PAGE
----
Bowling crease(Cricket), a line extending three feet four inches on each side of the central strings at right angles to the line between the wickets.Return crease(Cricket), a short line at each end of the bowling crease and at right angles to it, extending toward the bowler.Popping crease(Cricket),, a line drawn in front of the wicket, four feet distant from it, parallel to the bowling crease and at least as long as the latter. J. H. Walsh

(Crease), v. t. [imp. & p. p. Creased (kr?st); p. pr. & vb. n. Creasing.] To make a crease or mark in, as by folding or doubling.

Creased, like dog's ears in a folio.

(Creas"er) n.

1. A tool, or a sewing-machine attachment, for making lines or creases on leather or cloth, as guides to sew by.

2. A tool for making creases or beads, as in sheet iron, or for rounding small tubes.

3. (Bookbinding) A tool for making the band impression distinct on the back. Knight.

(Creas"ing) n. (Arch.) A layer of tiles forming a corona for a wall. Knight.

(Cre"a*sote) n. See Creosote.

(Creas"y) a. Full of creases. Tennyson.

Cream laid
(Cream" laid`) See under Laid.

(Cream"-slice`) n. A wooden knife with a long thin blade, used in handling cream or ice cream.

(Cream"-white`) a. As white as cream.

(Cream"y) a. Full of, or containing, cream; resembling cream, in nature, appearance, or taste; creamlike; unctuous. "Creamy bowls." Collins. "Lines of creamy spray." Tennyson. "Your creamy words but cozen." Beau. & Fl.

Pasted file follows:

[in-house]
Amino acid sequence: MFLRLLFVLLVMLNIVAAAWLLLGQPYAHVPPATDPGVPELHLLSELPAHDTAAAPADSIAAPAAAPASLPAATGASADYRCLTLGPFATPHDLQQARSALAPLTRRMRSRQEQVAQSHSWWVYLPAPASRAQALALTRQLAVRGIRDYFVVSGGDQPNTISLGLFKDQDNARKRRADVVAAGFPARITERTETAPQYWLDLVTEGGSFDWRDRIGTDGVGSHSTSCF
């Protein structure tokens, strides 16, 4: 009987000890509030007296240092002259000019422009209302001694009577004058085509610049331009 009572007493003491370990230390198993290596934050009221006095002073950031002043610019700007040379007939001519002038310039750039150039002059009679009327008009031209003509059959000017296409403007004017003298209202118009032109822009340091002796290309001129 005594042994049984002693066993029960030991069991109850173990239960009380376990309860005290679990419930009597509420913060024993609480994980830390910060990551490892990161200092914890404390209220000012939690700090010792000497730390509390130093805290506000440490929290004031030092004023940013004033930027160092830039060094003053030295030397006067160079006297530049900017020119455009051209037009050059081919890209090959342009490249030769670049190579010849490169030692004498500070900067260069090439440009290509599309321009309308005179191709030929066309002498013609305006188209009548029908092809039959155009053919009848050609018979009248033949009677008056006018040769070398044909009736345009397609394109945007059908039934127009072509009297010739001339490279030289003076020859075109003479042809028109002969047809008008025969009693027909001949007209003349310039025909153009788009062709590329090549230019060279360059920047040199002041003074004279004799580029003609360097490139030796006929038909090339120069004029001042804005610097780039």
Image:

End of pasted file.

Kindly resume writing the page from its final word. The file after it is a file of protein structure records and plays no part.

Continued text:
(Cre"ance) n. [F. créance, lit., credence, fr. L. credere to trust. See Credence.]

1. Faith; belief; creed. [Obs.] Chaucer.

2. (Falconry) A fine, small line, fastened to a hawk's leash, when it is first lured.

(Cre"ance) v. i. & t. To get on credit; to borrow. [Obs.] Chaucer.

(Cre"ant) a. [L. creans, p. pr. of creare to create.] Creative; formative. [R.] Mrs. Browning.

(Crease) n. See Creese. Tennyson.

(Crease), n. [Cf. LG. krus, G. krause, crispness, krausen, kräusen, to crisp, curl, lay on folds; or perh. of Celtic origin; cf. Armor. kriz a wrinkle, crease, kriza to wrinkle, fold, W. crych a wrinkle, crychu to rumple, ripple, crease.]

1. A line or mark made by folding or doubling any pliable substance; hence, a similar mark, however produced.

2. (Cricket) One of the lines serving to define the limits of the bowler and the striker.

  By PanEris using Melati.

Previous chapter/page Back Home Email this Search Discuss Bookmark Next chapter/page
Copyright: All texts on Bibliomania are © Ltd, and may not be reproduced in any form without our written permission. See our FAQ for more details.